Wednesday, December 23, 2015

Identity Crises: Religious Identity, Identity Politics and Social Justice


Identity is a concept that evolves over the course of life. Identity develops over time and can evolve, sometimes drastically; depending on what directions we take in our life. In the age of globalization, a human being is more aware than old times regarding his community, social and national affairs. A person who identifies himself as part of a particular political party, of a particular faith, and who sees himself as upper-middle class, might discover that in later age, he's a very different person. Perhaps he's no longer interested in politics, he's changed his religion, and he's living on less money than when he was in his younghood. Any variation is possible during a person's life span.  

Religious Identity:
A person's religious identity is the name of the religion that they identify themselves with. In this society people want to know, "What religion are you?" Generally they expect a one-word answer with the name of a religion that expresses their religious identity. A person might say they are a Buddhist - or a Christian - or a Jew - or a Muslim - or a Hindu. These are examples of religious identities. Recent developments in the field of social sciences in general and sociology in particular suggest a gradual tendency towards revival of interest on the issue of religion and identity. It is plausible that religion and identity may be positively correlated. The link between religion and identity can be contextualized through the exploration of the self.

Identity Politics:
Identity politics is a political style that focuses on the issues relevant to various groups defined by a wide variety of shared characteristics, including, but not limited to, race, social classreligion, sex, gender, ethnicity, ideology, nationality, sexual orientation, gender expression, culture, currency, shared history, medical conditions, profession, and other of the many ways in which people differ from each other, and into which they may be classified or classify themselves. This concept played an important role in shaping social and national sphere.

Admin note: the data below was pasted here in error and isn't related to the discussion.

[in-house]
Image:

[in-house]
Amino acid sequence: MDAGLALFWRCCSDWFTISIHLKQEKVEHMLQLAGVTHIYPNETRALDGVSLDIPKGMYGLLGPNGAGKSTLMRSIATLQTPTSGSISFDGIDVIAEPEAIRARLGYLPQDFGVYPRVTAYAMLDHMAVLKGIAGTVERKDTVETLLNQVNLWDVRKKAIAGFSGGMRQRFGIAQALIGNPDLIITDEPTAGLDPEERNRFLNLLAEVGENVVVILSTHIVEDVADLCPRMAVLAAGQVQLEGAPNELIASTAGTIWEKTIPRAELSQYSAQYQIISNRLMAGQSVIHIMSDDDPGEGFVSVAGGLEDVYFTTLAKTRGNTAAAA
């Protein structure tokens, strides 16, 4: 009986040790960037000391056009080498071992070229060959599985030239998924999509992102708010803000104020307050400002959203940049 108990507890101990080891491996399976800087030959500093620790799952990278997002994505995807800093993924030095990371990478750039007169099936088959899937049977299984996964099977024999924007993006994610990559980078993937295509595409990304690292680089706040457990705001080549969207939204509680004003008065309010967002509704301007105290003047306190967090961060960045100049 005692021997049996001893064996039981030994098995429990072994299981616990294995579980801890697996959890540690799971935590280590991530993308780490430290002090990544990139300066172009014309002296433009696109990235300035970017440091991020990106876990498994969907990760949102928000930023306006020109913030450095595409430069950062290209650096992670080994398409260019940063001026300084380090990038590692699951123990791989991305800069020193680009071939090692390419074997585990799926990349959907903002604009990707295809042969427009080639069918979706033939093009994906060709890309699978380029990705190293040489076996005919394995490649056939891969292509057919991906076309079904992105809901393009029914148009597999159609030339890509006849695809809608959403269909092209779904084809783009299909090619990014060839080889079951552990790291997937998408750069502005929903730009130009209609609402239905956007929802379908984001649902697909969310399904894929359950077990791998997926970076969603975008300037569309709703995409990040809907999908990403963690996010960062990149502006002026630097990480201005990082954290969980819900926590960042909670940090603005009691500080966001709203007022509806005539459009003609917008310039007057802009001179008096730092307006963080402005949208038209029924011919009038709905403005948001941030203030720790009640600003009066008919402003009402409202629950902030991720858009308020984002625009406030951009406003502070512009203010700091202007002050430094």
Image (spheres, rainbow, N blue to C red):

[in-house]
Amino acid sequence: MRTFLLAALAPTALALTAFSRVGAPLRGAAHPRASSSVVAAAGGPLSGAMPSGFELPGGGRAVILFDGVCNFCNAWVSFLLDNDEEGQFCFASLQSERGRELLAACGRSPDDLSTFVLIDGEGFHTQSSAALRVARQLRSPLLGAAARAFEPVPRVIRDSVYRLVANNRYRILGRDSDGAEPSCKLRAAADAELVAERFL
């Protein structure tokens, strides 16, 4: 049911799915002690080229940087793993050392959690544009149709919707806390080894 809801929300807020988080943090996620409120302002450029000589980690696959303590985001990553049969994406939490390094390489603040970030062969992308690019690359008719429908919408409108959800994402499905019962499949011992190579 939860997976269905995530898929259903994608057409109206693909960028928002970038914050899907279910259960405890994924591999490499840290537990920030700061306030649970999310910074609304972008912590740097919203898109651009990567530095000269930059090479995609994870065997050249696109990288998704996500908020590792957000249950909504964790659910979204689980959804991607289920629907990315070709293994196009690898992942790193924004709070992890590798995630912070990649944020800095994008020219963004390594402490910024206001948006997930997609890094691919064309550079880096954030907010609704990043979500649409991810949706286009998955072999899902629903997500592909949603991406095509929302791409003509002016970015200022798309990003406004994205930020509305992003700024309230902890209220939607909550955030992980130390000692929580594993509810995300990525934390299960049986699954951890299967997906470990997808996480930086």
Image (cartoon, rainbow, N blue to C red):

Social Justice:
Social justice denotes the equal treatment of all citizens without any social distinction based on caste, colour, race, religion, sex and so on. It means absence of privileges being extended to any particular section of the society, and improvement in the conditions of backward classes (SCs, STs, and OBCs) and women. Social Justice is the foundation stone of Indian Constitution. Indian Constitution makers were well known to the use and minimality of various principles of justice. Social justice found useful for everyone in its kind and flexible form.

Although social justice is not defined anywhere in the constitution but it is an ideal element of feeling which is a goal of constitution. Feeling of social justice is a form of relative concept that is changeable by the time, circumstances, culture and ambitions of the people. Social inequalities of India expect solution equally. Under Indian Constitution the use of social justice is accepted in wider sense, which includes social and economical justice both.

The major objective of this paper is to critical analyze all the above mentioned conceptions and see their relation with reference to a national character building as the present scenario of India showed a identity crisis between individual’s religious identity and secular objectives of the constitutions. The negative effect of the identity politics ruin ideal nation’s character and negatively affects the concept of social justice too.  For a better nation we should a balanced state of affairs where every citizen has a space to develop him/her self and a motivation to contribute in development of India.

Note : This is submitted for a Three-Day Philosophy Teachers' Meet of North-Western Zone sponsored by ICPR, New Delhi to be organized by the Department of Guru Nanak Studies, Guru Nanak Dev University, Amritsar on 29th to 31st Dec. 2015 with the theme "The Crisis of Multiple Identities in Contemporary World"